Former government minister and self-professed freelance social media journalist Devant Maharaj has filed his appeal on the dismissal of his lawsuit over being denied access to the Government’s virtual press conferences on the COVID-19 pandemic.
Maharaj’s legal team led by Senior Counsel Anand Ramlogan filed his notice of appeal two days after High Court Judge Kevin Ramcharan rejected Maharaj’s case on Wednesday.
The application for leave to appeal, a preliminary stage in the appeal process, is expected to come up for urgent electronic hearing, this morning.
In the notice of appeal, Maharaj’s legal team raised 25 grounds, in which they claimed that Ramcharan made several errors in his judgement that he (Maharaj) had not been discriminated against by Communications Minister Donna Cox as he is not a journalist.
“The court misdirected itself on the relevant issues in the case and was hence unduly and unnecessarily preoccupied with the question of whether the Appellant had established that he was a journalist in a vacuum without reference to the factual circumstances,” they said, in one of the grounds.
They also claimed that Ramcharan incorrectly classified Maharaj as a politician.
“The judge appeared to be fixated with the fact that Appellant described himself as a politician to such an extent that it blinded him to the fact that he was opting for form over substance as the real issue was whether the Appellant operated in a similar manner to the other ‘online voice,’” they said.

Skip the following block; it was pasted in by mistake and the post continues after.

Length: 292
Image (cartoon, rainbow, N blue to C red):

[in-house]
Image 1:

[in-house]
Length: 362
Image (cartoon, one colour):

They took issue with Ramcharan’s rejection of Maharaj’s suggestion that he should be compared to social media personality Rhoda Bharath, whose participation in the virtual press conference was facilitated by Cox.
“The court was prepared to make inferences in favour of the Defendants to justify her inclusion as a journalist in the absence of any evidence from the Defendants to support same,” they said.
They also sought to address Ramcharan’s decision to highlight evidence from communications officials from several Government ministries, who sought to question Maharaj’s claims over his journalistic work based on his failure to attended press conferences they had organised in the past.
“None of these officials hinted far less stated that they were previously aware of Ms Bharath or any other non-traditional social media online voices such that they had included them at press conferences before,” they said.
In his 49-page judgment, Ramcharan also ruled that Cox did not breach Maharaj’s constitutional right to protection of the law by only considering and deciding on his application to participate, which was made on April 12 and 15, when the case came up for hearing, almost two weeks ago.
“In light of the prevailing circumstances, that is to say, the situation within which the country finds itself workload on Cabinet in general and the defendant in particular, it cannot be said that the decision was inordinately delayed,” Ramcharan said.
Maharaj is also being represented by Douglas Bayley, Ganesh Saroop, and Jared Jagroo. The State is being represented by Reginald Armour, SC, Vanessa Gopaul and Rishi Dass.